Fighting fires for 40 years but he’s hungrier than ever

Veteran firefighter Eddie Wing recently celebrated 40 years of service

Veteran firefighter Eddie Wing recently celebrated 40 years of service

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A fireman recently celebrated 40 years of service at Biggleswade Fire Station.

Eddie Wing, 56, has been the Watch Commander of the station for the past 20 years, in what has been a successful career.

He has tackled blazes all over the area including the Bedford School fire of 1979 and the 2002 Yarl’s Wood fire.

When asked what the highlight of his job was, Eddie said: “The feeling of help you give to people and to help reassure them when they have been through a very tough time.

“We provide them with some comfort and support and that’s what makes you want to carry on.”

Eddie cherishes the people he works alongside and believes the teamwork aspect of the job is critical.

“We have a good and loyal team which I have had the privilege of being in charge of for the past 20 years,” he explained.

“Without them there would not be a good and reliable service in Biggleswade and the surrounding area.”

Eddie, who is known around the station as Watch Commander Wing, has his sister to thank for entering the profession.

She was doing her girl guides fire safety badge and recommended the service to Eddie. He went along to the station to have a look, and the rest as they say, was history.

Eddie admits the thing he most dislikes about the job is the lack of sleep.

He said: “After the adrenaline rush of a fire it is hard to get back to sleep.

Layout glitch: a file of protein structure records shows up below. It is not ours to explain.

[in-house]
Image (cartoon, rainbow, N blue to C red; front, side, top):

“In the winter this becomes even worse as you’re not only wide awake but you’re freezing cold as well.”

Along the way, Eddie has made many friends in the force. One of them, Lee Stoeri, said: “Eddie turns out at all hours of the day and night to protect our community and surrounding villages, this is a commendable achievement.”

One of the differences Eddie has had to come to terms with is the amount that has changed and developed over the last 40 years.

When he started he had to clean all of the brass equipment and haul the hose up the drill tower to be dried preventing the canvas from rotting.

Nowadays there is no brass as things are aluminium, and the fire service simply wind up the hose until it is required for use again. These advances have impressed Eddie.

“The equipment that we carry is the best in the country,” he said.

“Not only do we provide a very good service but we are also trained in water rescue, working at height and at road traffic accidents.”

Eddie hopes to serve 
for four more years before retiring from the fire service aged 60.

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